“I’d ask if you need any extra help in class, but it’s pretty apparent that you don’t. You could probably do my job.”

She studied his face and mentally dissected his last sentence. Why would he ask if she needed help in class? Because… “Are you asking me out?” she blurted.

“Yes,” he said calmly.

“Isn’t that against some sort of rule?”

“Only if I’m a professor.” He frowned lightly. “Or are you uncomfortable with the idea of going out with a teaching assistant? I’m not going to screw with your grades or help you out. You don’t need help anyway. I don’t know why you’ve asked me the questions you have during office hours. It was pretty clear that you knew the material inside and out.”

Victoria held her breath. And held his gaze.

“You’re smart, you’re gorgeous, you’re going places. Why wouldn’t I ask you out?”

He thought she was gorgeous?
“How many other students from your classes have you asked out?” The question slipped through her lips. It was a bit rude, but she wanted to know. She wasn’t falling for the teacher-boinking-the-student scenario.

“None.”

“None? Really?”

She must have looked doubtful. He straightened in his chair and repeated firmly, “None. I dated someone back home for a couple of years. We ended it a while ago. I haven’t dated anyone else since I’ve been here at school.” His gaze touched her lips, then cheeks and went back to her eyes. “You’ve been stuck in my head for weeks. I think it started one of the rainy nights I was passing by here. You were studying at this same table, scowling at the text like you were furious with it, and chewing on your lower lip. Did you know you do that in class too? Mainly during tests but sometimes during the lectures. Anyway, I was passing by, considering grabbing a coffee for the cold walk home, and I recognized you from class. Since then…” He shook his head, that half smile curling up his right cheek. “Yeah, you stuck in my head.”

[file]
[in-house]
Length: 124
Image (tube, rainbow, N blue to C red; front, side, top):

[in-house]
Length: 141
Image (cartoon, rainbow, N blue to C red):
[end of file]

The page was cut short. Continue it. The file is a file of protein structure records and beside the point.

Victoria stared. If he’d said he was a time traveler, she wouldn’t have been more surprised.

In shock, she agreed to a date.

“What’s a psychological autopsy?” Mason asked as he avoided looking at the young girl on the metal table.

The medical examiner had just mentioned the possible need for an unfamiliar type of autopsy. Dr. Campbell stood back as he watched his assistant stitch together the gaping chest incision that the examiner had created an hour before.

“It’s an investigation to discover the state of mind of these girls before their death. Right now I can’t even classify these deaths. They could be accidental, suicide, or homicide. I know the results of the tox screen will indicate what stopped their hearts and respiration, but it’s not going to tell us how it got in
their system. Did someone else put it there, or did they take it willingly?”

Mason was familiar with the NASH classification for deaths. Natural, accidental, suicide, or homicide. Natural was easy to rule out in this case, but the ME had a good point. They needed more information. As soon as these girls were identified, they’d have a place to start. Dr. Campbell had efficiently sped through the first girl’s autopsy, from the Y incision, to the tissue samples, to peeling back the scalp to remove part of her skull and examine the brain. When the doctor had moved down the table to take a vaginal swab, anger had burned through Mason. The girl was almost a child, defenseless on the metal table. He offered up a prayer that her soul had left the room and wouldn’t witness the indignities her body would suffer. Mason had stared at the light fixture and films through most of the procedure.